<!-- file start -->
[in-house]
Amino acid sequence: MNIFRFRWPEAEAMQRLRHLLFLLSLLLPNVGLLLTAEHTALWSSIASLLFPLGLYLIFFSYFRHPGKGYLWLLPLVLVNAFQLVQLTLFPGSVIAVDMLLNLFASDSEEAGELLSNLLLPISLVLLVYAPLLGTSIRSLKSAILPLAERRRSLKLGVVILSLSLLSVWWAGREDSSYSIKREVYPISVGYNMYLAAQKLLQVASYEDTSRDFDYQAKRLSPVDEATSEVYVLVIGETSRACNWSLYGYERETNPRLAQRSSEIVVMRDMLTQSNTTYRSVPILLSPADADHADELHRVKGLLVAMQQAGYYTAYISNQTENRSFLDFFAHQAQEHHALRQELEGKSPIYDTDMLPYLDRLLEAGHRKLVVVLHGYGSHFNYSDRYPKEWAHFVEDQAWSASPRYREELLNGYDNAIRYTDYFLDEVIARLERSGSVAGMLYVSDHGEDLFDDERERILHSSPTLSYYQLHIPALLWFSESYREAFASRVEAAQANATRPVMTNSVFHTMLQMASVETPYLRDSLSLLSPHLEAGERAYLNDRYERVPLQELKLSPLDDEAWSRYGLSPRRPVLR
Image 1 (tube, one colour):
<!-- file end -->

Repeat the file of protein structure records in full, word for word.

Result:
[in-house]
Amino acid sequence: MNIFRFRWPEAEAMQRLRHLLFLLSLLLPNVGLLLTAEHTALWSSIASLLFPLGLYLIFFSYFRHPGKGYLWLLPLVLVNAFQLVQLTLFPGSVIAVDMLLNLFASDSEEAGELLSNLLLPISLVLLVYAPLLGTSIRSLKSAILPLAERRRSLKLGVVILSLSLLSVWWAGREDSSYSIKREVYPISVGYNMYLAAQKLLQVASYEDTSRDFDYQAKRLSPVDEATSEVYVLVIGETSRACNWSLYGYERETNPRLAQRSSEIVVMRDMLTQSNTTYRSVPILLSPADADHADELHRVKGLLVAMQQAGYYTAYISNQTENRSFLDFFAHQAQEHHALRQELEGKSPIYDTDMLPYLDRLLEAGHRKLVVVLHGYGSHFNYSDRYPKEWAHFVEDQAWSASPRYREELLNGYDNAIRYTDYFLDEVIARLERSGSVAGMLYVSDHGEDLFDDERERILHSSPTLSYYQLHIPALLWFSESYREAFASRVEAAQANATRPVMTNSVFHTMLQMASVETPYLRDSLSLLSPHLEAGERAYLNDRYERVPLQELKLSPLDDEAWSRYGLSPRRPVLR
Image 1 (tube, one colour):